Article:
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Women's general health

When life gives you Lemons: Hadiza’s touching story on Vesico-vaginal Fistula (VVF).

Mofe'tiOluwa

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Hadiza was 16 when she became pregnant. Everything was normal and went well, until it was time for her to deliver. Her labor lasted for four days and the pain was so excruciating.

On the fourth day of her labor, the nurses on duty tried and did all they could but unfortunately, Hadiza had a stillbirth. Although Hadiza survived the painful labor and delivery, she discovered that she began to leak urine.

Of course she had to leave for her home. On arrival to her home, nobody knew what the “strange” problem was. Her husband deserted her, her friends abandoned her and she was left alone. Her aunt had to take her in and the young girl once full of life and bubbly became someone who had lost interest in life. She never left the home and she could not work because of her urinary incontinence.

One day – a day that was to change her life – her aunt told her about a radio advertisement she had heard about a centre that cured women who couldn’t control their urine – it was a Fistula Centre.

Hadiza’s hope returned and for once in five years, she felt she would live again. Hadiza and her aunt went to the centre and on arrival; the staff had described her condition exactly. She was told that surgery would be needed and that it was for free.

After her surgery, Hadiza became dry and had a very quick recovery. Today, Hadiza is a grateful and happy woman. She is able to work, have friends and live happily. The future for her is one of hope.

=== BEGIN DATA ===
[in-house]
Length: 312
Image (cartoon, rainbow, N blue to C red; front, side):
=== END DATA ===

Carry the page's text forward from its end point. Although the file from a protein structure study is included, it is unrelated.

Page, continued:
From Hadiza’s story, you know that VVF can be treated. You should also know that:

  • Before treatment (surgery), certain drugs or wound care may be given to heal the tissue before surgery. This is because vaginal fistula usually starts with tissue damage
  • After surgery, recovery time vary depending on the type of surgery performed
  • Women who undergo surgery are able to control their urine afterwards
  • After surgery, a woman is able to get pregnant and have a baby, usually through a cesarean section, but she can also deliver vaginally
  • After successful surgery, there can be a repeat of VVF if the woman undergoes prolonged labor

 

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Mofeyintioluwa is a health enthusiast who has particular interests in nutrition and fitness. She also loves music and enjoys reading Christian biographies. She thinks social work and public health are noble professions. Ultimately, she's exclusively for Jesus.

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